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Electric Bike Safety

Electric Bike Safety

Posted by GEN3 Team on Mar 31st 2021

The freedom and fun of an electric bike comes with some responsibility. Before you hit the streets on your GEN3 ride, refresh your knowledge of bike safety so you're prepared. 

Turn on the lights

The front headlights on GEN3 electric bikes aren't just to light your way in the dark, they are safety features so motorists can see you. If you ride in the rain, snow or after dark it's critical your bike lights are working so you get noticed.

Dress in bright colors

You can choose to be more visible by wearing a bright or lighted helmet and colorful or reflective clothing. You will find plenty of biking safety apparel to choose from including neon vests, reflective rain ponchos, bright hydration packs and more. 

Wear a helmet

According to the Cleveland Clinic, wearing a helmet can reduce the risk of head injury to bicyclists by as much as 85 percent. Helmets protect your head and brain, preventing both external scrapes and internal injuries. Most are designed to be lightweight and breathable so make sure to wear one when riding your electric bike. 

Avoid the door zone

When you're riding on the street near parked cars remember to avoid the door zone. Door zone collisions occur when drivers and passengers open their vehicle doors without first looking for approaching cyclists. The best way to avoid the door zone is to ride three feet away from parked cars and stay alert for activity around idling vehicles. Look for taillights, reverse lights and delivery vehicles as you approach a street lined with parked cars.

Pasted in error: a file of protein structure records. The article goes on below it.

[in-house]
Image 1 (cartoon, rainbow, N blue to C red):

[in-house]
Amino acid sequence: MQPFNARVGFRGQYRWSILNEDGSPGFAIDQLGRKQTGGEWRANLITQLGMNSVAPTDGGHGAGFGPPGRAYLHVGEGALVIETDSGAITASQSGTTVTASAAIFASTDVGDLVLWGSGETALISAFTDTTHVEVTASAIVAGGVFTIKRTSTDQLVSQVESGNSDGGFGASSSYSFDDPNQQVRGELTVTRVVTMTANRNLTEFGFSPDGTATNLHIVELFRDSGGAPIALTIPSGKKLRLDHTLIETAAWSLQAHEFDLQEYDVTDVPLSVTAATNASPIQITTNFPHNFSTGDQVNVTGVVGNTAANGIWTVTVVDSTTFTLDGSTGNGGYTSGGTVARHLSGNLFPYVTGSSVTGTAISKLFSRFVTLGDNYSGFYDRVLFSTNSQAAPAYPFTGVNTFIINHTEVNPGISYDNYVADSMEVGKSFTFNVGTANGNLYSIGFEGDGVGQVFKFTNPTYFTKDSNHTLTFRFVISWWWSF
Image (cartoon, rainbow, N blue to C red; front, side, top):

Know your hand signals

Brush up on the  hand signals cyclists use to communicate with other drivers and riders on the road. Right turn, left turn and stop/slow are intuitive signals you can use to make sure others can anticipate your next move.

Use your voice

Adding a bell or horn to your bike can help you alert pedestrians, riders and drivers that you're nearby but you can also use your voice. When passing, announce "on your right" or "on your left" to let others in the area know you are approaching so they don't suddenly drift into your path.